15 April 2009

Left Bank or Right Bank?

My friend Frank the Francophile, an irreverent Irishman, keeps me supplied with travel stories about France I might have missed (and usually have). He has a master's degree in French, and takes great pleasure in correcting me. He enjoys it so much, I am sure he was a Parisian shopkeeper in a past life.

Anyway, Frank pointed me to a copy of this story, which compares the right and left banks of Paris. Thank goodness this is not something we have to choose between. I mean, even if you were lucky enough to live in Paris, you could live on one bank and hang out on another.

Each visitor to Paris finds his or her own city; Paris, after all, is a highly individualized experience. But I am curious are you right bank or left bank?

On our first visit, we took a liking to the area sandwiched between Avenue Rapp and Avenue de la Bourdonnais, literally at the foot of the Eiffel Tower. Eventually, we rented a small flat there and enjoyed the daily round first hand, not merely as flaneurs. We even made friends with the lovely lady at Magda Traiteur. I feel very comfortable here.

I am quite enamored with the neighborhood near St. Sulpice, and would like to rent a flat there some day. I was not enchanted with Montparnasse, and found more smokers there than any other area in Paris. Really.

I like the warren of streets in the Latin Quartier, just north of the Pantheon. Something draws me there. My husband likes Tolbiac, and I would like to spend some time in the 14th someday.

I love the Left Bank.

But, oh, my passion for the grittiness of Rue St. Antoine (and Rue de Rivoli, for that matter) is well documented here. I found beauty at the Jardin des Halles, perhaps sensing the spirits of the vendors of the old marketplace. My husband likes the raw energy of Rue de la Roquette; I have to agree. Last fall, we spent a fair amount of time - just off the plane and without our bearings - wandering around the area just north of the Bastille. I really like that quartier, too.

We visit Village St. Paul again and again and we especially love the staff at The Red Wheelbarrow bookshop. We enjoy our fellow customers, too.

A few years ago, our Paris shuttle driver took us on streets we'd never visited just north of the Champs Elysees. It felt elegant to me.

We once made brief foray into Auteuil, which I once read was the part of Paris most like Provence. Must try that out soon.

I love the Right Bank.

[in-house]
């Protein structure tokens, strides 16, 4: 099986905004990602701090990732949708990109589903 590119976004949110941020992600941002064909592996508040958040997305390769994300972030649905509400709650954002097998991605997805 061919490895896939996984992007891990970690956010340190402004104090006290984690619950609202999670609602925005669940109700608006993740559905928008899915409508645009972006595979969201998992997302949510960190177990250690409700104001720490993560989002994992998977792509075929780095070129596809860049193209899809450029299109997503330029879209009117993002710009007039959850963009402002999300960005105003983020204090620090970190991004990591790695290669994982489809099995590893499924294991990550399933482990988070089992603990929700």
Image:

Did I mention the islands?

What about you? Come lurkers and Francophiles and tell me what part of Paris - which bank or which island - resonates with you?

20 comments:

ChazFrench said...

Oh it doesn't matter which bank! As long as I'm IN Paris I could care less. I love the entire city.

If you forced me to choose at gunpoint, I'd have to go left, I'm a lefty (in every sense of the word).

;^)

Chaz

Mimi from French Kitchen said...

I'm forcing you, Chaz. To respond, that is. I love your responses, always!

I must get back to cooking soon....

ChazFrench said...

I need to get back to cooking too!

This weekend, I swear! I'll be making a buttermilk vanilla panna cotta with a passion fruit sauce. If it works, you'll see the recipe, if it doesn't... try again!

Mimi from French Kitchen said...

Same here, Chaz. Mine will be something gooey, I hope.

lady jicky said...

Now this is a hard question but --- if I won the lottery I would love to live in those apartments that look over the fountain infront of St Sulprice. So, Left Bank I guess! LOL

Mimi from French Kitchen said...

I love that area, too, Lady J.

On our last trip, we never left the Marais as we only had one full day and two half days in Paris. I'd like to live near the Arsenal, I think.

Jann said...

Not an easy question to answer~ probably the right bank........I do spend a lot of time on the other side...do I really have to choose?

Mimi from French Kitchen said...

No, you don't have to choose, Jann. I was just curious. I guess a true Paris Lover enjoys both with equal pleasure.

Alain said...

Ah Mimi your piece regenerated so many memories of my Parisian past,